The boom in technology companies and their valuations over the past 15 years has created incredible wealth for founders, VCs and LPs. In the US, a large chunk of that wealth has also gone to the employees. In 2007, it was estimated that over 1,000 Google employees had made more than $5m each from their stock options. Facebook minted over 1,000 millionaires when the company went public in 2012.
As European tech companies scale to even bigger and bigger outcomes, are we seeing the same story play out? Not quite. Klarna, despite a $45bn valuation, is estimated to have made only 75 employees worth over a million dollars — and it’s valued barely less than half what Facebook was when it listed. So what gives?
If founders and investors want Europe to emerge as a global hub for technology talent we must make sure that everyone, particularly the people doing the actual work get to share in the spoils.
Regulation plays a role, but the real problem is cultural
Europe has a strange relationship with employee equity. Workers' rights and downside protections as an employee are generally high in comparison to the US. On the flip side, we’ve never had a culture of employee ownership.
Many companies and venture firms will point to challenging tax regimes and bureaucracy being a big inhibitor of encouraging more employee ownership in Europe. Yes, the fact that many countries tax stock options as income is flawed because options are often illiquid and their value can collapse. But policy changes will take time.
That’s not the real problem in Europe. The problem is cultural. We’re just not as generous with our equity as they are in the US. Maybe this is because people didn’t get good grants themselves when they’re an employee so feel no need to pay it forward when they’re in the founder seat?
If European companies can be as big as their US counterparts, then why should employees get a smaller slice of the outcome?
Or maybe it’s because employees don’t see the value of these options, given Europe hasn’t yet produced as many tech companies at the scale of their American peers? They don’t know anyone who’s gotten rich from equity, so they don’t see it being possible for them.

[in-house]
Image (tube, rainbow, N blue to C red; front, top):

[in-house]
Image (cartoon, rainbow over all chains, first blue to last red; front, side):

This calculator from Index Ventures literally has a Europe Setting that dials down everyone’s grants in line with salary. It also fairly points out that Europeans are usually less willing to compromise on salary than their American counterparts. But we shouldn’t just accept that and move on.
How (and how not) to run a startup.
If European companies can be as big as their US counterparts, then why should the employees get a smaller slice of the outcome?
Lack of knowledge and misconceptions
There are more and more US SaaS companies setting up shop in Europe. All of their early hires on the ground in Europe will walk away millionaires if the companies succeed. When these stories spread, who do you think the best engineers and headhunters are going to want to work for? Your Nordic fintech offering a few basis points or a Bay Area monster with something meaningful on the table? European tech companies need to step up.
One of the biggest challenges to building this culture of ownership in Europe is the lack of knowledge and the many misconceptions about options and equity grants.
It’s in everyone’s interest long term to put this knowledge into the ecosystem, especially founders and boards; if founders spend time sharpening their pitch for investors, they should also be able to effectively pitch the value of their equity to employees. On the other hand, talent should be wary of any company that’s not straightforward about this stuff.
The good, the bad and the ugly
Stock options should always vest over four years with a one-year cliff — meaning employees will have access to the full amount of their options after four years, but will not receive anything if they quit within the first year. This incentivises people to stay and commit. If a startup is alive and successful in four years and employees are still there, then trust me, they will have earned those options.
When it comes to bad behaviour some of the worst is around vested but unexercised stock — in other words, employees who still haven’t used their options to actually buy stock. This is why it’s so important for employees to understand their exercise rights.
Giving employees part of the upside is key to continuing the flywheel of European tech; the operators of today are the founders and angel investors of tomorrow
I know multiple cases of boards and founders cancelling all vested but unexercised shares in merger or acquisition deals. In many other cases, I’ve seen friends have to leave options on the table because they’re fully vested but can’t afford to buy all the options and pay the tax bill.
Technology companies can create huge economic prosperity by making sure that the wealth they create is shared fairly amongst those who helped build that success. And giving employees a part of the upside is also key to continuing the flywheel of success in European tech; the operators of today are the founders and angel investors of tomorrow, helping seed the next generation of companies.
If we’re going to compete with Silicon Valley and the US in general then we need to start acting more like them. And that means founders and VCs need to share the wealth.
👉 Read: Thinking of joining an early-stage startup? Here's how much equity you should expect